Most comic book historians and fans consider the era we’re currently in as modern. But there is no doubt that something in the comic book industry has created a fundamental shift in the foundation of both the business and entertainment sides of the medium sometime in the early part of the new millennium. Soon, I think the pundits will announce that comic book publishing has entered a new age, and the previous one-the one now known as the “Modern Age” will be reclassified as something else (the most likely candidates will probably be the Platinum or Iron Ages). However, since that era has not been labeled, the only thing we can accurately call the current era of comic book publishing is the “Post-Modern” era.
In the Golden Age of comic books, any one adventure in an issue would last more than 8 pages or so, and most titles were anthologies featuring several characters in short adventures. By the Silver Age, many titles had a 12-16 page lead and a 6-8 page back up. In the Bronze Age, most comic books featured just one character or concept, often in short two- or three-part stories, with subplots that might last a year or longer.
Today it is the norm in most super-hero comics to write in “story arcs,” a four- to eight-part story, with each issue serving as a “chapter” to that story, that may crossover into the title’s larger family of books, or into other titles completely.
The storytelling technique in these comic books is referred to as “decompressed,” because scenes are “allowed to breathe.” Instead of rushing from one scene to the next at a breakneck pace, the writer can linger on a scene or even a specific moment, in order to allow it to develop more fully.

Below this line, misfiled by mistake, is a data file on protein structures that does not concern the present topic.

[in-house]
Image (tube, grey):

The style may be typified (or even stereotyped) by a sequence of images that do not change and have no text, to indicate that a character is thinking, or the writer wants to indicate a pregnant, awkward pause in the dialogue. It may also be used in a series of text-less images to bring heightened awareness to some element in those images.
Two of the first American comic books to use the style were Warren Ellis’ The Authority and Brian Michael Bendis’ Ultimate Spider-Man. In The Authority, it was usually referred to as “cinematic style” or “widescreen style,” because Ellis often used the device to “slow time down,” as popularized in movies like The Matrix. In Ultimate Spider-Man, the decompression was more often used in dialogues, where two characters would talk with each other for pages.
Both titles were smash hits, and many other writers tried to emulate Ellis’ and Bendis’ styles, with varying degrees of success.
Even when done correctly, there are costs and benefits to decompressed storytelling. On one hand, it gives the writer an opportunity to really develop his or her thoughts (characters, action sequences, etc) more fully and really bring them into tight focus for the reader. On the other hand, with less text to read, it can shorten the reading time of an issue, leading to dissatisfaction for the reader.
One common complaint among readers is that decompression is “padding,” the book, expanding a storyline in order to sell more copies of each issue, or to fill out a contract on a trade paperback collection of the series, which typically sell best when collecting 5-8 issues of a title. This is called “writing for the trade,” even though both DC Comics and Marvel Comics are publishing more of their more recent collections in the hardback format first.
Manga is such a broad term and experience that it would be impossible to examine the history and cultural impact of manga and anime with within the context of this article. For the purposes of our discussion here, we’ll be focusing primarily on the impact manga has had on the US comic book market.
“Manga,” on its most fundamental level, is just another term for a comic book created in one of the southeast Asian countries, or one influenced by the work coming out of those countries.